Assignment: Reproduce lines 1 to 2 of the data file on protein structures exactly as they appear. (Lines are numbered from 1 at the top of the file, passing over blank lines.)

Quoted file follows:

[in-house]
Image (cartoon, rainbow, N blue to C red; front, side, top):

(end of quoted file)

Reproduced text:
[in-house]
Image (cartoon, rainbow, N blue to C red; front, side, top):